Lebrecht Weekly – Mahler: 1st Symphony (BR Klassik)

Advertisement / Publicité
Mahler 1st symphony (BR Klassik)
Yannick Nézet-Séguin’s interpretation of Mahler’s first symphony is beautifully played by Munich’s (some say Germany’s) best orchestra and thoughtfully structured by an impressive guest conductor. I think I am safe in saying that it is conceptually different from any of the 120 Mahler Firsts on record, stretching all the way back to Dmitri Mitropolous’s towering Minnesota performance for Columbia in April 1940. And that’s no small distinction in a much-repeated piece.

Where Yannick differs from all others is in atmospherics. The opening four and a half minutes of ambient sound, where the ear searches for a clue to what’s going on, is brought here into close focus, making the opaque explicit and the nebulous utterly literal. It might well be titled Mahler Demystified.

Brisk speeds, maintained into the second movement, give little room for breath or reflection. The third movement, commencing with the child’s funeral march that turns into a drunken orgy, is muscular and emphatic, and the finale is appropriately helter-skelter. The conductor’s priority throughout appears to be beauty and simplicity above disturbance and profundity.

Mahler told conductors to interpret his music any way they liked so there’s no fault to be found in Yannick’s approach. But what is lost is how utterly revolutionary this work was and remains, how it rewrites the symphony from first principles by refusing to deliver instant gratification and by employing irony to convey multiple and contradictory narratives. Making it easy was not what Mahler had in mind.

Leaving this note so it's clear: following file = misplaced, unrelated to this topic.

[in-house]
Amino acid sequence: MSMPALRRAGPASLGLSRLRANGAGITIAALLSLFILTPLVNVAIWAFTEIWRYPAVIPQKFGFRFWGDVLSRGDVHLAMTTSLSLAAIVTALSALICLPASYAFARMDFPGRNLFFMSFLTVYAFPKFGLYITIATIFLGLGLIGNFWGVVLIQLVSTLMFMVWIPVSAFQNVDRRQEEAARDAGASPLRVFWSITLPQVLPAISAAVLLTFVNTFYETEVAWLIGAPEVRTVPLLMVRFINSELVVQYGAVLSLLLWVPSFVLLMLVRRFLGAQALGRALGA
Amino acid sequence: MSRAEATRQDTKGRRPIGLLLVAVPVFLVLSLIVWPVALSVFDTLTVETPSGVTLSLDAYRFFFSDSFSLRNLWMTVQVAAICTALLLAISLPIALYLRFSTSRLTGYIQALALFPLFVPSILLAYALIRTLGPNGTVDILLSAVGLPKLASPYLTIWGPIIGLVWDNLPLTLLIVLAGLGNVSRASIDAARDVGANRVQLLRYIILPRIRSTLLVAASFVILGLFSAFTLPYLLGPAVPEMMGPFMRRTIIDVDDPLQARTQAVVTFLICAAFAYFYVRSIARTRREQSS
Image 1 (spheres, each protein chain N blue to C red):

Advertisement / Publicité

This is a young man’s guide to Mahler’s First and some listeners will warm to its naivety and nature worship; the Munich musicians certainly sound like they are having a ball. But the absence of irony saps interest in the composer’s argument and the bustling speeds prove ultimately deceptive. Bruno Walter, in his seventies, got through the score five minutes faster than Yannick.

—Norman Lebrecht

  • 2
  • User Ratings (1 Votes)

About Author

Norman Lebrecht is a prolific writer on music and cultural affairs. His blog, Slipped Disc, is one of the most popular sites for cultural news. He presents The Lebrecht Interview on BBC Radio 3 and is a contributor to several publications, including the Wall Street Journal and The Standpoint. Visit every Friday for his weekly CD review // Norman Lebrecht est un rédacteur prolifique couvrant les événements musicaux et Slipped Disc, est un des plus populaires sites de nouvelles culturelles. Il anime The Lebrecht Interview sur la BBC Radio 3 et collabore à plusieurs publications, dont The Wall Street Journal et The Standpoint. Vous pouvez lire ses critiques de disques chaque vendredi.

Leave A Reply

This site uses Akismet to reduce spam. Learn how your comment data is processed.